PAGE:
By Joseph Willits
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In a Westminster Hall debate on Sex and Relationship Education, Andrea Leadsom MP (South Northamptonshire) has said she would like to see books and videos used in the teaching of sex education, given an age guidance rating. The "perfect template", she said was the system already implemented by the British Board of Film Classification (BBFC). Despite the need to use sex education to "tackle issues such as teenage pregnancies and sexually transmitted diseases", Leadsom said that some of the material used was "completely inappropriate" and "sends out totally the wrong message". When fears of the "sexualisation of childhood" are heightened, she said, "sexually explicit and inappropriate materials in primary school classrooms can only make things worse."
Leadsom said she had been "shown leaflets given out to primary school children that give graphic definitions of orgasms, masturbation and prostitution" which were being used to educated children as young as 5. There are accounts, she said, of children's "traumatic experiences … who have been put off having boyfriends", coming to the conclusion that sex "looks absolutely horrific”, therefore having a counter-productive effect.
The materials uses to teach sex education, she said, were guilty of failing to place proper "emphasis on building relationships", and that children should be taught "primarily about relationships". Children, she said, needed "to understand that sex is almost always better when you are in love, or when you are in a committed relationship". On the issue of sex and relationship education for younger children, "the relationship side" she said "can be separate from the sexual side at a very young age", and that at a young age, a "child is not old enough to conceptualise what the act of sex means". Leadsom used gay relationships as an example, saying it "is entirely appropriate to teach that sometimes men love other men, but it is not appropriate to teach what sometimes men do with other men".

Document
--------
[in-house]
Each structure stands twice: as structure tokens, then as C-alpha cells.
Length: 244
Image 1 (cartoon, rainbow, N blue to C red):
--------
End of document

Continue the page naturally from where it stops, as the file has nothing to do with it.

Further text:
Although schools are often teaching sex and relationship education "with the best of intentions", Leadsom said the issue of teaching sex education is fraught with inconsistency. Having "varying amounts of intervention and careful analysis by schools, parents and governors" justified the need for some form of licensing system. Parents, she said, needed "to be able genuinely to have their say and to be made actively aware of what kind of sex education is being taught to their children". Many parents "had no idea" of the content of sex education, and were "horrified" at what they discovered. It should be assumed, she said, that parents should be given the chance to opt-in, rather than opt-out, which is the current assumption.
Schools Minister, Nick Gibb welcomed Leadsom's comments, saying she was "right when she says that we must ensure that any materials used in schools are properly scrutinised". Materials, he said, must be "suitable for young children" and it must be made sure that they "do not add to the sexualisation of children instead of protecting them from it". Gibb also said that at present, sex and relationship education "is not compulsory in primary schools and we [the Government] have no plans to make it so."
You can watch the debate in full, here.